The Nordic OCD & Related Disorders Consortium (NORDiC) is an NIH-funded genetic study of obsessive-compulsive disorder (OCD) across Norway, Sweden, Denmark and Finland. We aim to collect the world’s largest richly phenotyped and genotyped sample of OCD cases (N = 10,000) in order to discover genetic and environmental factors that presumably interact to cause OCD. Key colleagues are located in each of the Nordic countries.
OCD ranks among the ten leading causes of disability in the developed world, yet its etiology is unknown and existing treatments are suboptimal. There is a pressing need to understand the causal mechanisms implicated in OCD in order to improve clinical outcomes and to reduce morbidity and societal costs. Specifically, we need a large-scale, etiologically informative genetic study integrating carefully measured symptoms, genetic and environmental factors that presumably interact to cause the condition. We thus formed NORDiC to collect the world’s largest richly phenotyped and genotyped sample of OCD cases (N = 10,000). We have designed a rapid and cost-efficient strategy to markedly increase the worldwide sample size for OCD by capitalizing on unique Nordic resources. These samples will provide a wealth of treatment outcome and long-term follow-up data, providing an opportunity to identify predictors of clinical outcome. Finally, we will use a novel comparative genomic approach to interpret these data, capitalizing on canine compulsive disorder, an animal model with high face and construct validity.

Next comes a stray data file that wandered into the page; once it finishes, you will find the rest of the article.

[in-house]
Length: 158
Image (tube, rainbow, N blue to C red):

NORDiC will answer a number of key questions regarding OCD biology, etiology and treatment. How does OCD relate to other psychiatric disorders? Do early-onset, tic-related and symptom dimensions possess distinct genetic origins? Is there a relationship between cumulative genetic risk and response to particular forms of treatment? We expect this study to bring us closer to converting this idiopathic disorder into a pathophysiologically defined disease, nominate potential drug targets and demonstrate the utility of the comparative genomics approach for other complex biomedical traits.
- To come